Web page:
Glass at Beth Shean
Glass objects were a ubiquitous part of life and death in late antique Palestine due to the affordable materials involved in its industrialized production in the Roman Empire. It is not surprising that a variety of glass objects were found in the corresponding levels of the Tel and the Northern Cemetery, in addition to the discovery in 1992—1994 of a glassblower's workshop at the center of the lower town of Beth Shean.
The uses of glass were multifarious. Vessels are the most common glass objects excavated and come in a variety of sizes and shapes, including bottles, vases, jugs, shallow dishes, and double bottles. Glass is ideal for storing liquids such as oil and unguents, as it is not porous like unglazed pottery. Elaborately decorated vessel could also be used for serving food and drink. Additionally, narrow containers, such as double bottles, were used to store cosmetics, which were drawn from the bottle and applied to the face with bronze or glass kohl sticks.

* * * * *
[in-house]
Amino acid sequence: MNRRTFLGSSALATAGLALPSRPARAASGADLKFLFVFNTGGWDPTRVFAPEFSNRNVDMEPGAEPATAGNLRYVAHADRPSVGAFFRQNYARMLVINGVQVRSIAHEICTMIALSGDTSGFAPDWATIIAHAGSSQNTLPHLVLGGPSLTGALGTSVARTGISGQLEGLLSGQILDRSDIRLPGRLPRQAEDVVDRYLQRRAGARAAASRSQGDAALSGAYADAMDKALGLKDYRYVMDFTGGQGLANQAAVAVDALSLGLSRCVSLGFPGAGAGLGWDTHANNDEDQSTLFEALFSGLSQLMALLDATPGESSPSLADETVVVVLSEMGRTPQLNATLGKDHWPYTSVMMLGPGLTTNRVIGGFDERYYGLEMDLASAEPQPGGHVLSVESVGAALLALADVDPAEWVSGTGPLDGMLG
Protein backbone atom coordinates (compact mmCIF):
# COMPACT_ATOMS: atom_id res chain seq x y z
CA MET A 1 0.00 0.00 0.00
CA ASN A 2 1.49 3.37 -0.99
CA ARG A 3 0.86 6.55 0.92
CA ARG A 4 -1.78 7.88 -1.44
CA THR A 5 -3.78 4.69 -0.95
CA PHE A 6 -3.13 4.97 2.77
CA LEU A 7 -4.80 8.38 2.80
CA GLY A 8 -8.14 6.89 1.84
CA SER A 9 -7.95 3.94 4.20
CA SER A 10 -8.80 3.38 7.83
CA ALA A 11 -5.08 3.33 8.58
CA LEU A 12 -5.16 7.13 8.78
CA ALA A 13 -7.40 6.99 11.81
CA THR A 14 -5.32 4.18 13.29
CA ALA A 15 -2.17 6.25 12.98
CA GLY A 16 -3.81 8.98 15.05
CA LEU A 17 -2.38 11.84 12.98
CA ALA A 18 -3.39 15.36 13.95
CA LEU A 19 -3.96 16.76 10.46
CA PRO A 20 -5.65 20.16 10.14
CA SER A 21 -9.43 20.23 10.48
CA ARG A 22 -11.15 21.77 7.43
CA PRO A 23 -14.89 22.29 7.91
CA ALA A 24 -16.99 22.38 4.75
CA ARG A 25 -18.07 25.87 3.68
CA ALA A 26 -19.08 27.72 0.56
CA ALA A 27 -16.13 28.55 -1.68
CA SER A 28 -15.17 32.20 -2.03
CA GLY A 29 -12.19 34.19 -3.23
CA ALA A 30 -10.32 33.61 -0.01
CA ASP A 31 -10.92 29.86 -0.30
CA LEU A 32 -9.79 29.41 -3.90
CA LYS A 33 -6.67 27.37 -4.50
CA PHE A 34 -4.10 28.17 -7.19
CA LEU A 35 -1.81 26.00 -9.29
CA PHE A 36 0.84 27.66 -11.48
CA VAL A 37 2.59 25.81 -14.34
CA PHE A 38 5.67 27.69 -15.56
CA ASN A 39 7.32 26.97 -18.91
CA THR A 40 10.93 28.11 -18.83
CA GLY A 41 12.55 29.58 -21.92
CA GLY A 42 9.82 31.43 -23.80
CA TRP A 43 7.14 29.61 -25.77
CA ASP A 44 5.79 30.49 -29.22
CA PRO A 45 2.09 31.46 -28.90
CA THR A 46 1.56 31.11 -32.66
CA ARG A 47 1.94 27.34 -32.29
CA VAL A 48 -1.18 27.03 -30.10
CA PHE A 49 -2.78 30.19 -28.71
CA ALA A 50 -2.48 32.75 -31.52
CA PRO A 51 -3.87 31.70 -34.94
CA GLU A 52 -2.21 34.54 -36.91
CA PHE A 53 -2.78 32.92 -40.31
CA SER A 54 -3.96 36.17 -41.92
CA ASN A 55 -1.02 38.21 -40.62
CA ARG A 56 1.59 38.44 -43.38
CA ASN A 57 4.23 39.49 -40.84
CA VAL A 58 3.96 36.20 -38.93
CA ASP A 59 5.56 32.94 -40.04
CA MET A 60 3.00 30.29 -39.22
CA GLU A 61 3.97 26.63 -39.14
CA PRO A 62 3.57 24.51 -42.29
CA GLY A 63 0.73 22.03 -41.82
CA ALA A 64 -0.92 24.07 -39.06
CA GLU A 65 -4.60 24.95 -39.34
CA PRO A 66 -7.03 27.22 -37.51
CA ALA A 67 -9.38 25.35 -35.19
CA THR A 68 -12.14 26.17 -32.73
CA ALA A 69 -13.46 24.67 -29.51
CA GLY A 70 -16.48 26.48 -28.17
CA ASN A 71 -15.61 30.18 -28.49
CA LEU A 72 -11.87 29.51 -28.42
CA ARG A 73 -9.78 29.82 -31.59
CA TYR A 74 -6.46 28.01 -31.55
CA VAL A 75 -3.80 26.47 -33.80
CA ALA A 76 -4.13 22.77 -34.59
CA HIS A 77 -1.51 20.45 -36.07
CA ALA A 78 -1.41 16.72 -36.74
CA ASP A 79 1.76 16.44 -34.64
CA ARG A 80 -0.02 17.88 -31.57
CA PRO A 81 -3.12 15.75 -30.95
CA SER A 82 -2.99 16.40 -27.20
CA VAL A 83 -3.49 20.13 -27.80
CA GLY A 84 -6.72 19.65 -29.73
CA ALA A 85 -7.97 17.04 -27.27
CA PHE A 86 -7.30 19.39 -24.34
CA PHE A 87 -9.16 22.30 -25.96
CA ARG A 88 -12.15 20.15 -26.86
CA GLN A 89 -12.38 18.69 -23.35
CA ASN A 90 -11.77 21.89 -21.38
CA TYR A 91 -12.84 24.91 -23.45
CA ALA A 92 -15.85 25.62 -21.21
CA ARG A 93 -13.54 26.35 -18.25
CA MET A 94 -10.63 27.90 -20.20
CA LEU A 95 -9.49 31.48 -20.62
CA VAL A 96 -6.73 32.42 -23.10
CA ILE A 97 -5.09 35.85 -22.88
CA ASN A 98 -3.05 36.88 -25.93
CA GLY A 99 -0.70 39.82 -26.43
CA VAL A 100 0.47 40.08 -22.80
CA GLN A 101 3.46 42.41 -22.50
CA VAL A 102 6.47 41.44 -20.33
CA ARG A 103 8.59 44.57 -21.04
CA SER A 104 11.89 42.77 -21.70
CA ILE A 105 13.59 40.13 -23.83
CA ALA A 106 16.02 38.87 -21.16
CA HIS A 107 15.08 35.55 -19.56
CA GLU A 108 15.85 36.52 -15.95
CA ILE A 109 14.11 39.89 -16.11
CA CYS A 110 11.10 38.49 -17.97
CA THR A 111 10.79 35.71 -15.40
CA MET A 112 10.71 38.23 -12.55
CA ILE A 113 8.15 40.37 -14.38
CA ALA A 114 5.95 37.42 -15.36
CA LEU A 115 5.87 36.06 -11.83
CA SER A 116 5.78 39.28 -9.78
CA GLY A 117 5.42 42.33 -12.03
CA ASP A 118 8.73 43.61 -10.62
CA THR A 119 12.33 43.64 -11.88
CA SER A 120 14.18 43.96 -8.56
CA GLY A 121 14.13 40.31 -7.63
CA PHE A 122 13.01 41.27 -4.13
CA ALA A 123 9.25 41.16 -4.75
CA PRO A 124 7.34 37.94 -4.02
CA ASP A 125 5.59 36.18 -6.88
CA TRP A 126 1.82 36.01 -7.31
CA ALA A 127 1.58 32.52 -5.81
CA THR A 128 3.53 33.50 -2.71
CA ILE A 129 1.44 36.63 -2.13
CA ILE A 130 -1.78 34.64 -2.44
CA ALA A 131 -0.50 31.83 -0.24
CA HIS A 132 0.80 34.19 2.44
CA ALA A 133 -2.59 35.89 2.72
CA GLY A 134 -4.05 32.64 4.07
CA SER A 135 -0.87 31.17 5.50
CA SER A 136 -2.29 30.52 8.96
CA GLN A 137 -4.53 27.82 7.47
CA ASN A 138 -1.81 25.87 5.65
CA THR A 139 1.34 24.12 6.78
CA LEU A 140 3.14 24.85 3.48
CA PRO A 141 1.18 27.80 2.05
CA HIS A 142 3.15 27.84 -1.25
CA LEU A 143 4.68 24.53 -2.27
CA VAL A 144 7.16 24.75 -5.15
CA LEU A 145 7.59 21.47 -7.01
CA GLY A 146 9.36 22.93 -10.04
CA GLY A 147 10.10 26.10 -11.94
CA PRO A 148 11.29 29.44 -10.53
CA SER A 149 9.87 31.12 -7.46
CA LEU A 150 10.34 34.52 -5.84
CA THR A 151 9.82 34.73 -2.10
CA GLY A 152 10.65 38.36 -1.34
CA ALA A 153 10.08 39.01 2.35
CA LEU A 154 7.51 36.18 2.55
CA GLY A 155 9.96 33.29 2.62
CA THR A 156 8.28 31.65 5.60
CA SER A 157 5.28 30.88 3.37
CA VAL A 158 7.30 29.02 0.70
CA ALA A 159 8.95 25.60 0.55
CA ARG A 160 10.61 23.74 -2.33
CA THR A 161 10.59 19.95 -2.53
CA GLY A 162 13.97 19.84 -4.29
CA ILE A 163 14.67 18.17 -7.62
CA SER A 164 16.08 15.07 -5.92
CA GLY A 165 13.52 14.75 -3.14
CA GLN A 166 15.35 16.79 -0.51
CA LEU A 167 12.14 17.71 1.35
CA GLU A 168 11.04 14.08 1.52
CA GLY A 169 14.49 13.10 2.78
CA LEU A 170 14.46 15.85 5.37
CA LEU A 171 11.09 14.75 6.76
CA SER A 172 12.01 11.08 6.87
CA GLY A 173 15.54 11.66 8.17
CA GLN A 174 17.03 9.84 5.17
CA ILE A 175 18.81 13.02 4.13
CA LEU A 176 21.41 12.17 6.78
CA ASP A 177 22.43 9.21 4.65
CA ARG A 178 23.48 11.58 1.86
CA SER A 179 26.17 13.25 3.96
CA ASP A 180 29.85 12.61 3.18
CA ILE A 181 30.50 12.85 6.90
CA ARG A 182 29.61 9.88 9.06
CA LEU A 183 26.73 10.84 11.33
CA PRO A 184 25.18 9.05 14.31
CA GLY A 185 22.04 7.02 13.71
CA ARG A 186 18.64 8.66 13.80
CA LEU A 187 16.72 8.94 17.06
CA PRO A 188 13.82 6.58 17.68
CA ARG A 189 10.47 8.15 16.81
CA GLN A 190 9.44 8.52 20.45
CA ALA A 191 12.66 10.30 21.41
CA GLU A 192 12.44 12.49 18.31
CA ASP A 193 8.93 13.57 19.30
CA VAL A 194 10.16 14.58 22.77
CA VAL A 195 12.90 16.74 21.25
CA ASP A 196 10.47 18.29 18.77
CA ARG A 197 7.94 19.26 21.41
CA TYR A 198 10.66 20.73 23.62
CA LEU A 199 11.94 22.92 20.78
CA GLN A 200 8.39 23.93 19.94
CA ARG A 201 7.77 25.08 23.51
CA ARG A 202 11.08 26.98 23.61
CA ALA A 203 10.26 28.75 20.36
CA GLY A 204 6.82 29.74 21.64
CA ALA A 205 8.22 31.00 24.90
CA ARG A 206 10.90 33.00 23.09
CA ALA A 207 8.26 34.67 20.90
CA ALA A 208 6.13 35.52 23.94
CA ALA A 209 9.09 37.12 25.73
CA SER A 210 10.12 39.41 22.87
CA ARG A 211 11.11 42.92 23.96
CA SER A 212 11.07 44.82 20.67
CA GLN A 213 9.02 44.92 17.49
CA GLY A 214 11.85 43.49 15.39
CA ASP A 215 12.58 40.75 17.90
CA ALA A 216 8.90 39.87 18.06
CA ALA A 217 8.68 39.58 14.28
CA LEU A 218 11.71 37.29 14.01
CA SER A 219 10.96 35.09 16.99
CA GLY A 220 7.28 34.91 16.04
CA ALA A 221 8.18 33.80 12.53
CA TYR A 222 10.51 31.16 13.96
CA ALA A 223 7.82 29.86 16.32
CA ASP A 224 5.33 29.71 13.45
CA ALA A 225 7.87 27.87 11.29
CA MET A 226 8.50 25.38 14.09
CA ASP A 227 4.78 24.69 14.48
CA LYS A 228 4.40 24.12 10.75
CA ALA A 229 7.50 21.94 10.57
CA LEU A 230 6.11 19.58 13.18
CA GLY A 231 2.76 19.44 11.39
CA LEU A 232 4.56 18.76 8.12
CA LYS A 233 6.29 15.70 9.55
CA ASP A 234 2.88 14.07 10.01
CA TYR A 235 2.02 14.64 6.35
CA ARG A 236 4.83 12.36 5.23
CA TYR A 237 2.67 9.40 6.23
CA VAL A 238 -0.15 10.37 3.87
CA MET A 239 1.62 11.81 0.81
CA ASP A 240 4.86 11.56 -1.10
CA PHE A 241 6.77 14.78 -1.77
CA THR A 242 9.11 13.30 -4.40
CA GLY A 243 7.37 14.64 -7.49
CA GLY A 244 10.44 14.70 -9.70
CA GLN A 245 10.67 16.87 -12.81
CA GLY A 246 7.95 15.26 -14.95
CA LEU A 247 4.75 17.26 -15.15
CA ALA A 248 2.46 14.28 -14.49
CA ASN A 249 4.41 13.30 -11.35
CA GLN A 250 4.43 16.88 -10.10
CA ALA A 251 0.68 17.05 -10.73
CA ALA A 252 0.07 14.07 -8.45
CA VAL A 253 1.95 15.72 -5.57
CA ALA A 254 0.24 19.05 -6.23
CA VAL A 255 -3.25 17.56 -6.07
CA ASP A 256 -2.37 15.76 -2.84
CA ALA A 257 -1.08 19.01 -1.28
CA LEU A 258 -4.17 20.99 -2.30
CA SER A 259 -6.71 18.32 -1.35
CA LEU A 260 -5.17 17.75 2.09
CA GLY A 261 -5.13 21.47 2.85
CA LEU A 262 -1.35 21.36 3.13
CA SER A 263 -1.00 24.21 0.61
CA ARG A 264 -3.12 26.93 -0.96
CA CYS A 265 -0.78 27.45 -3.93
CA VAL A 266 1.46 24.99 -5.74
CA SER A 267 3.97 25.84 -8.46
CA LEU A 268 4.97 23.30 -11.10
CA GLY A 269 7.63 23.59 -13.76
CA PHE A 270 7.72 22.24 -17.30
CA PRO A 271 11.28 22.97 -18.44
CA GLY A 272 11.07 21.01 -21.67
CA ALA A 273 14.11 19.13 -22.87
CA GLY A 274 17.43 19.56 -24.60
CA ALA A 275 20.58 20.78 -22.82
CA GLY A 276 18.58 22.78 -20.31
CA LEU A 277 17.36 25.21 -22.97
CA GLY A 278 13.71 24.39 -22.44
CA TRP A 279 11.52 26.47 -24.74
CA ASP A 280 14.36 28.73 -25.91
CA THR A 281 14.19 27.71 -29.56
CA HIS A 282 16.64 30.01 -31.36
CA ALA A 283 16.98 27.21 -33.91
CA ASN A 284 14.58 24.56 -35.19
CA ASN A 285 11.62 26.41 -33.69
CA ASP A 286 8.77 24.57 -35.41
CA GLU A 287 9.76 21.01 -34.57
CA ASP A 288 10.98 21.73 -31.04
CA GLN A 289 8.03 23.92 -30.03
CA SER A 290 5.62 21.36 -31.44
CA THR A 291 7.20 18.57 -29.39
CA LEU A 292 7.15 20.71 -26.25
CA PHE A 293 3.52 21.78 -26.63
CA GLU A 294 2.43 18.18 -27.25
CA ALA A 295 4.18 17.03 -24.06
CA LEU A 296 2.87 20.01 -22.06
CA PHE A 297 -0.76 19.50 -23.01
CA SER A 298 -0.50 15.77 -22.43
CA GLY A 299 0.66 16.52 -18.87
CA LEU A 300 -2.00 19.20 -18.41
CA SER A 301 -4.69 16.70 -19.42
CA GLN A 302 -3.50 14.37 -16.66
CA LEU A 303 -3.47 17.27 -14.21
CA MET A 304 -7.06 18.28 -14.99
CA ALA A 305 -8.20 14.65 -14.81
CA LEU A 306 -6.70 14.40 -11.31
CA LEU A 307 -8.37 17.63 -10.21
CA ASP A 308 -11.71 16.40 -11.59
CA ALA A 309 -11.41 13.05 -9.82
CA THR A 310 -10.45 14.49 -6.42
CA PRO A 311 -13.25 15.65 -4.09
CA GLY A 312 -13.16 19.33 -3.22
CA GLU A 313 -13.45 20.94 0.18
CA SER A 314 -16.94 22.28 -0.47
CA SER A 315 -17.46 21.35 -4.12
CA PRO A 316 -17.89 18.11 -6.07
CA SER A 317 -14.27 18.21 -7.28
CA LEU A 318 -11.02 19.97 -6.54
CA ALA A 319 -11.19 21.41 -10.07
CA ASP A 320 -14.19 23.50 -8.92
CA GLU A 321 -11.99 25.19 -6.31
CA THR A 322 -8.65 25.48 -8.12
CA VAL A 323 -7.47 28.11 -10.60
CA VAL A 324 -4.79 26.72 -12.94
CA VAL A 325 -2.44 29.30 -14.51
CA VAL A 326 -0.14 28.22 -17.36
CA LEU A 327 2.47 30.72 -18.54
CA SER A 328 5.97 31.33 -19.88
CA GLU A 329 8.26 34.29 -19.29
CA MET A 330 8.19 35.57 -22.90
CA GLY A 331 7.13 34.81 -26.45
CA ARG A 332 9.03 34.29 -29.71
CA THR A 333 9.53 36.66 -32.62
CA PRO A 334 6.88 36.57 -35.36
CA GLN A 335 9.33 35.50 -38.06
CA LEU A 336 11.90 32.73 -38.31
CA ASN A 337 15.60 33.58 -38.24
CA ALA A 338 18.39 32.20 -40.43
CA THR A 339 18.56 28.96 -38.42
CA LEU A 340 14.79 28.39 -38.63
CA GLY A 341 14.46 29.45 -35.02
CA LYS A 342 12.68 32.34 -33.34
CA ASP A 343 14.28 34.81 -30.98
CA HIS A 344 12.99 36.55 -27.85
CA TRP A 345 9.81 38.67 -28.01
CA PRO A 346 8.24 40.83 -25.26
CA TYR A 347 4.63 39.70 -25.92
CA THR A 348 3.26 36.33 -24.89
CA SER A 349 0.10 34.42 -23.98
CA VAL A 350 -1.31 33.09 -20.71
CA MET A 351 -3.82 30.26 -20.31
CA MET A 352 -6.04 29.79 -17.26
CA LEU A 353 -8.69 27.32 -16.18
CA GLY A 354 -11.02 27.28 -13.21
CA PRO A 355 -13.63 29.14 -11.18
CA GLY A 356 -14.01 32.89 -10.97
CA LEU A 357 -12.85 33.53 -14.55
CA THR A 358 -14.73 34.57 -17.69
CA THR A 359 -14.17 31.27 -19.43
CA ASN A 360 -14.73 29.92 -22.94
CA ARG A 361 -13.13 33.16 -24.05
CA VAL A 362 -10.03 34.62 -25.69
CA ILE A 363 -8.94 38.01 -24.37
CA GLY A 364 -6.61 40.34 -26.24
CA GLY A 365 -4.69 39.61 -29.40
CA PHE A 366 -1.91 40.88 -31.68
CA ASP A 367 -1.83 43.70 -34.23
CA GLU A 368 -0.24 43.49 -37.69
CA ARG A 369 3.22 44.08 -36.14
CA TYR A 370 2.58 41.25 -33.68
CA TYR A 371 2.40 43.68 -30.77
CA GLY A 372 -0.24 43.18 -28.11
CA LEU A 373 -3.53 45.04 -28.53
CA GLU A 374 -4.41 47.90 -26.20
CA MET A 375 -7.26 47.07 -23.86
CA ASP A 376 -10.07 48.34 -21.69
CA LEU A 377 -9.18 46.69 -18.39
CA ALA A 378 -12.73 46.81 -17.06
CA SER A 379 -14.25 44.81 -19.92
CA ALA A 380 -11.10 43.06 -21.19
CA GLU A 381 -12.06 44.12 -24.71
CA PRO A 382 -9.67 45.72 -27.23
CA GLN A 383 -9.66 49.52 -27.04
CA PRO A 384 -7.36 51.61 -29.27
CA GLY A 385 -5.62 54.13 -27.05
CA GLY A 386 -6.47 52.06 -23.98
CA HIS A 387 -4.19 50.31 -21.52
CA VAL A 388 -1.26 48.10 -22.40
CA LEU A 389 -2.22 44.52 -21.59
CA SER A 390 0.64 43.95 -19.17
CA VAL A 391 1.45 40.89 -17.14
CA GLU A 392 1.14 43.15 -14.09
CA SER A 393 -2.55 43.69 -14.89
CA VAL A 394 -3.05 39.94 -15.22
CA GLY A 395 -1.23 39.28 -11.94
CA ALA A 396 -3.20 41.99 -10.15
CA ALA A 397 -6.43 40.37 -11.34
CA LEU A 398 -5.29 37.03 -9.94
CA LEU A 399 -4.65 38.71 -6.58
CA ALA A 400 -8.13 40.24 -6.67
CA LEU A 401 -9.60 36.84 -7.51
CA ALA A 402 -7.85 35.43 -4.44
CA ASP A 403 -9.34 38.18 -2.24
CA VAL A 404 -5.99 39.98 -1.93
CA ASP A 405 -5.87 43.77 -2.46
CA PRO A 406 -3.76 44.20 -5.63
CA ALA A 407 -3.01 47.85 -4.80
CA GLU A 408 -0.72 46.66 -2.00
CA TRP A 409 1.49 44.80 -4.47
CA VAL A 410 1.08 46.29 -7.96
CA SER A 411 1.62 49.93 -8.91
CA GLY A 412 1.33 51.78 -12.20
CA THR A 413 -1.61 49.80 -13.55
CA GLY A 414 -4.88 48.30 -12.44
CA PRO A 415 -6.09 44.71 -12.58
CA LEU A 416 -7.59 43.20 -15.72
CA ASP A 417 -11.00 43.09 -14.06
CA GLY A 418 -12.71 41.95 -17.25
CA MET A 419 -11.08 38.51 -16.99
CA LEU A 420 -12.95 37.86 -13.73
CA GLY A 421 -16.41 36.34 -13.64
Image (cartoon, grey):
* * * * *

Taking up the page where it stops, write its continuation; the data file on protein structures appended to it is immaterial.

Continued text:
With the increase in use of polycandela or chandeliers, in Late Antiquity, glass was frequently used for lamps, as its transparency allowed light to be reflected all around. Glass was also used for less utilitarian purposes, such as the crafting of jewelry, and usually appears as rings, beads, and bracelets. Some unique glass objects were also unearthed at Beth Shean, such as the spoon found in House III on the Tel. Overall, the glass finds of Beth Shean point to its steady production and continuous use in Late Antiquity.
For further reading:
Fleming, Stuart J. "Late Roman Glass at the University of Pennsylvania Museum: A Photo Essay". Expedition. 39, no 2 (1997): 25-41.
Fleming, Stuart J. Roman Glass: Reflections on Cultural Change. Philadelphia: University Museum, 1999.
Stern, E. M.. Roman, Byzantine and Early Medieval Glass, 10 BCE-700 CE: Ernesto Wolf Collection. Ostfildern: Hatje Cantz Verlag, 2001.